Homeless services are critical and have continued during the pandemic. Homeless service staff and outreach teams have frequent close contact with coworkers and clients, which puts them at risk of getting and spreading the virus that causes COVID-19. Therefore, CDC recommends every person, including homeless service staff members, get vaccinated when it is available to them. Furthermore, because homeless shelter staff members are considered essential workers pdf icon[810 KB, 19 Pages]external icon, they might have the opportunity to be vaccinated earlier than the general population.

Scheduling vaccination appointments in advance can be helpful to improve vaccination clinic efficiency, plan for the appropriate number of vaccine doses, and reduce crowding at a vaccination provider site. However, it might not be possible to obtain a list of client names in advance of a vaccination event at a homeless service site (e.g., during a meal service event). Coordinators should plan for how to provide vaccine to individuals at these events who do not have appointments and also have contingency plans in place for using any remaining vaccine doses. One option for how to use remaining vaccine doses is to coordinate with nearby community organizations or other priority populations.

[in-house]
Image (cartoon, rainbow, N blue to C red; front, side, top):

Recording whether people experiencing homelessness received a COVID-19 vaccine will be important for two reasons. First, it will be necessary for the person vaccinated to keep a record of their vaccination status and when they need to follow up for a second dose. Second, it will be important for vaccination programs to record housing status to estimate coverage among people experiencing homelessness. All COVID-19 vaccination providers are required to report vaccine administration data to the jurisdiction’s immunization information system (IIS) or other identified program. The address field can be used to provide information about homelessness status. Vaccine providers are also required to provide vaccine recipients with a vaccination record card. It might also be possible to include COVID-19 vaccination status in Homeless Management Information Systemsexternal icon. Finally, vaccination coverage data from vaccination campaign events at homeless service sites can be entered into the CDC and National Health Care for the Homeless dashboardexternal icon for inclusion in an aggregated dashboard.